Last week, the Board of Education for Wyoming’s Platte County School District decided that two district schools could not display banners earned through participation in the Anti-Defamation League’s No Place for Hate program because the banners contained the name of the Gay and Lesbian Fund of Colorado, one of the program sponsors. The Anti-Defamation League (ADL) stopped the program in the district and submitted a letter to the district’s board asking for the banner to be reinstated.
In the letter to Platte County School Board members, ADL Mountain States Regional Director Bruce H. DeBoskey said, “The No Place for Hate program is designed to teach young people the values of respect and inclusion for everyone in the school community, and we cannot continue to offer the program in your District if you will not permit the display of a banner (hard-earned by many dedicated students, teachers, and community members) that includes the words “gay and lesbian.”
Mr. DeBoskey went on to explain the benefits that the program brings to student communities. “The No Place for Hate program has been embraced by dozens of schools in Colorado and Wyoming as a successful way to make schools safer and more inclusive, by providing anti-bullying training and promoting respect for all students. At schools where this program has been implemented, attendance is up and disciplinary actions are down. Students have reported that they feel safer and more welcome at school because the students, teachers and community have worked together to make their schools respectful, and inclusive.”
Boulder Pride, a nonprofit organization that offers programs and services promoting equality in Boulder County, commented on the school board’s ruling by posting this comment on its blog: “I am shocked by the decision to remove signs promoting a more tolerant (and learning focused) environment. I am proud beyond believe of the stance that ADL has taken. It is when we compromise, when we say “it’s okay to leave one group behind” that we are weakened in our fight for equality. Thank you, ADL. When we stand together, we are stronger, in every way.”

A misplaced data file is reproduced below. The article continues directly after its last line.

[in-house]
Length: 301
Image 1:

JVA is extremely disappointed by Platte County Schools District’s decision to not display the banners, which ultimately has brought this program to an end. Our evaluations of bullying prevention programs and extensive work within the GLBT community has given us a first-hand understanding of the potential for positive impact that programs like ADL’s No Place for Hate can offer. By ending this program, the school district is missing an opportunity to strengthen the student community and thereby build upon students’ learning opportunities.
ADL has left the door open for the Platte County School District to reinstate the No Place for Hate program as long as the banner, in its original design, is permitted to be displayed. If the Board of Education can recognize the opportunity that is being missed, it’s not too late.